Betelhem Makonnen _________ ቤተልሄም መኮንን     


                                                                     













small acts/
2021














Betelhem Makonnen + Christina Coleman + Deborah Roberts + Tammie Rubin

small acts


small acts is an exhibition of various mixed media works–including collage, drawing, sculpture, video, and photography–by four Austin-based artists. Betelhem Makonnen, Christina Coleman, Deborah Roberts, and Tammie Rubin. To change one's future, to change perception, or even how we treat others is all a result of a small act. The artworks on view range from investigations of black existence through body, object, beauty, childhood and familial narratives, fugitive perceptual experiences, and time. While each artist's aesthetic approach is different, they are united by their faith in the power of small acts to guide and reimagine our everyday existence.

For Coleman and Rubin, the small act is in the recognition of the everyday. Both artists look at how mass-produced everyday objects transcend banality. Coleman’s media inventory includes dominoes, Oreo cookies, and synthetic hair. She presents works that situate these seemingly insignificant objects amidst spaces that hold great value. For instance, Coleman draws parallels between entities in cosmic space and Oreo cookies. Her interest lies in the interplay between the small and the vast, and how the former has the potential to give meaning to the latter. Within her work, dominoes become ceramic vessels and Oreo cookies are transformed into lunar phases. Rubin’s Always & Forever (ever, ever) series comprises conical groupings that reference objects of power, fraternity, anonymity, pageantry, absurdity, and belief. The sculptures are multi-part porcelain casts of recognizable consumer forms that reference hoods, headdresses, hats, and helmets. From the Ku Klux Klan and the Catholic Brothers of the Nazarene hoods, dunce caps, wizard hats, to west African Headdresses, medieval helmets, and the cone-wearing figures in Hieronymus Bosch paintings, these intimate ensembles are suspended within familiarity, uncertainty, and foreboding.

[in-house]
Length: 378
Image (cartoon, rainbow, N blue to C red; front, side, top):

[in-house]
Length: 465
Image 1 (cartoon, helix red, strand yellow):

Makonnen and Roberts seek to disrupt perceptions. They believe their small acts and gestures can provoke radical new possibilities for perception and being. Makonnen’s artistic line of inquiry lingers in spaces of virtual conjunction accessed through paradoxes and feedback loops. Working with video, photography, and installations, she focuses on questions of perception, presence, and place while navigating within the trans-temporal and trans-locative topology of her diasporic consciousness. Her work seeks material equivalences that reflect a conjugated present, recognizing the future and the past as forms of the present, present in the present. The hand is always present. All of the above informs Makonnen to create a perceptual language that challenges normative structures of visuality and binary thinking in our cultural contexts. Roberts combines found and manipulated images with hand-drawn and painted details to create hybrid figures. These figures often take the form of young girls and increasingly Black boys, whose well-being and futures are equally threatened because of the double standard of boyhood and criminality that is projected on them at such a young age.